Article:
The Importance of Software Configuration Management for Portal Projects

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The Importance of Software Configuration Management for Portal Projects
Many enterprise organizations treat large scale portal projects like regular application development projects. This potentially leads to many downstream negative impacts affecting the maintainability and stability of a portal environment. A common pitfall that many organizations fall victim to, is the lack of the proper software configuration management (SCM) processes for their portal projects and on going support models. Much of this is due to the perception that the skill sets required for a portal implementation are the same skill sets their current non-portal application implementation teams’ possess, leading to higher downstream costs.
So how can organizations stop themselves from over spending on future maintenance and enhancement costs? Well, aside from replacing your traditional application development team with an expert portal team, there is a rather small investment that can be made up front to help with the transition. Our team’s are strong believers in the proper creation of software configuration processes and practices but let’s not go overboard, there are other factors that play into the successful deployment and maintainability of a portal such as portal governance, but proper software configuration management is most certainly a key success factor.
You may be asking yourself why it’s important to consider the up front investment of the creation of proper SCM processes and when exactly should these processes be created. Typically, once the implementation of a portal project begins, there is a rather substantial amount of time spent configuring the infrastructure that is going to be used to support the portal environment from development, to test, to staging, to production. We strongly recommend that the creation of SCM processes occur as a parallel activity. This provides you with three benefits:
  1. It will help accelerate the return on investment of your portal investment and don’t forget the downstream risk and cost mitigation as a result of the creation of these processes.
  2. By doing these activities in parallel, it will reduce design gaps between the environment configuration and SCM processes. In one of our recent customer scenarios, they had set up their environment prior to establishing SCM standards and began development. When it came time to deploy the solution, they came to the sudden realization that their environment did not match their deployment methodology. This directly impacted the application’s performance and at times rendered the application unusable.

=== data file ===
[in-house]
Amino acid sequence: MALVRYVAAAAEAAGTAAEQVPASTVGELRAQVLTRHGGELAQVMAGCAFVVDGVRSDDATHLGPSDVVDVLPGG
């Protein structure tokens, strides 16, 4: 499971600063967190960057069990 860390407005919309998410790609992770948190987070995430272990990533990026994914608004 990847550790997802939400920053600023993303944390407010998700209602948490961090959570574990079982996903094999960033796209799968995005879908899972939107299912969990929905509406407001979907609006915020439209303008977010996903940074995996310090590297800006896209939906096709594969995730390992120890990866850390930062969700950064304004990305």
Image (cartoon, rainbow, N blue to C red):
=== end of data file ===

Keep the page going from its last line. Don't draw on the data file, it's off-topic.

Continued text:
3. Assuming you are using subject matter experts (SME), you can blend your current environment and software teams with the SMEs. This will help with knowledge transfer and will also help give the SMEs the proper eyes on both the organizational and technical environments within your organization.

What is Software Configuration Management?

So, we’ve established the benefits of why SCM and why create SCM standards early. But what is it? The act of creating SCM standards can be grouped into two primary activities; Release Management and Code Promotion, and the Creation of a High Level Infrastructure Architecture.
Release management and code promotion focuses on code deployment and testing, auditing requirements, business processes and, code and configuration release (note that this is specific to portal).
High level infrastructure architecture focuses on answering questions like:
  1. What database will be used for this portal application?
  2. How will we be performing user access and authentication?
  3. What kind of network infrastructure will be configured?
  4. How will we handle disaster recovery?
Ok, I’m convinced, but what kind of people do I need?
This blog post would not be complete if we did not tell you what kind of team would be required for this crucial step in your portal initiative. We’ve typically provided customers with a team of three. Not all of them would be full time and the time spent would be highly dependent on the complexity of your organizational and technical environment. Here are the profiles of those individuals all of whom should have multiple years of experience with an enterprise portal:
  • Software Architect
  • Knowledgeable and experience in portal implementations
  • Enterprise application design and development experience
  • Portal experience
  • Software Developer
  • Experience working on structured enterprise application development projects
  • Enterprise Portal experience
  • Experience working on enterprise development teams with regimented code and configuration release management processes
  • Integration Architect
  • Experience in network infrastructure
  • Experience with server configuration
  • Experience with setting up enterprise architecture, E.g. Failover, load balancing, etc..
Let’s recap.
  1. Creating proper SCM standards and processes early in your portal project is strategic and can provide you with downstream risk and cost mitigation
  2. This activity should be performed in parallel with the configuration of your technical portal environment to accelerate the ROI of your portal investment
  3. The team performing this task should be subject matter experts and should be blended with your existing non-portal application team to transfer knowledge around best practices and to gain experience with a portal project